1. IS THERE SOMETHING WRONG WITH MIKE PENCE’S POLICY TO NEVER EAT ALONE WITH A WOMAN OTHER THAN HIS WIFE?
Mike Pence has an unlikely ally today. As a socially-liberal feminist, I completely disagree with most of Vice President Pence’s views on social policy — other than that about dining with women. In a world where rumors run amok, fake news is taken as gospel, spreading like wildfire, tabloids (and even reputable publications) use click-bait for advertising dollars, and extramarital affairs are incredibly common, it is smart to avoid attracting any and all of the above. More importantly, though, the Vice President feels he is being respectful to Karen Pence by having the personal policy to “never eat alone with a woman other than his wife.”
I’m a fiercely independent woman with a love-whomever-and-however-you-want attitude, but I do think it is a good idea to never put one’s fidelity in doubt. My late fiancé and I had a similar policy. It stemmed from my having dinner with an old friend, a man. I came home immediately following dinner, and my fiancé said, “How was your date?” This led to a discussion during which he said if any of his friends or coworkers had seen me out to dinner that night, there would probably have been whispers that I was cheating on him. He felt a bit insecure and disrespected.
At first, I resisted change — not because I didn’t understand what he was saying but because, frankly, I did not want to give up solo dinners with my male friends. I put myself in my fiancé’s shoes, though, and realized he was right. From that point on, we had a policy to not have dinner alone with a member of the opposite sex (lunch with coworkers was fine). It made my late fiancé feel more secure, and it made every dinner we had feel more like a date, which was fun! It worked for us, and it works for the Pences, but that personal policy is obviously not going to be right for everyone.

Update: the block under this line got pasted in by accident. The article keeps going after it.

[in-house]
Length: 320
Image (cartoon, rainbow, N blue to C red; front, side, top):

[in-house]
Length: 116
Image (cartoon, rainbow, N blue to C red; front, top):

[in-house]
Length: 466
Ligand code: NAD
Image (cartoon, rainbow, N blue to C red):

There is a big difference between personal policy and public policy, but those lines sometimes get blurred with a public figure living in a fishbowl. The left judges judgement, which is typically a reliable barometer for social policy positions, but we are also developing a reputation for hypocrisy in situations like dinnergate.
In judging the behavior of others with varying viewpoints — for instance, different behaviors within someone else’s marriage — aren’t we doing exactly that which we denounce? We rail against the right’s opposition to women’s rights and gay marriage, but then we are outraged when we hear Mike Pence might call Karen Pence “mother.” Why in the world should we care what terms of endearment they use for one another?
Why should Mike Pence’s marriage idiosyncrasies bother anyone? His wife seems to be loved, safe, and happy with him. Call it old-fashioned, sexist — say what you will — but if Karen appreciates that he only dines alone with her, who are we to judge? How does Mike Pence’s treating his marriage with deference, and his wife with dignity, hurt anyone? Does it erode society? Does it destroy the institution of marriage? Does it oppress all women? No, no, and more no!
And neither does a female breadwinner or a gay marriage.
Which brings us back to judging judgment. We don’t live in a one-size-fits-all world. Marriage comes in many shapes, sizes, colors, and genders.
The unnecessary onslaught of judgment about the Vice President’s marriage could have a positive impact if it causes him to develop even a slight bit of empathy and respect towards the many different kinds of “other” relationships in modern society. I respect Mike Pence’s marriage, and I would like him to respect (and acknowledge) the marriages of others.
On the off chance that he reads this, I’d like to ask him to remember how it felt to be judged for what seems perfectly natural to him inside his happy home. Americans are not as different as it seems. We all simply want to live our lives free from judgment — and with the equal rights necessary to cultivate the pursuit of happiness.
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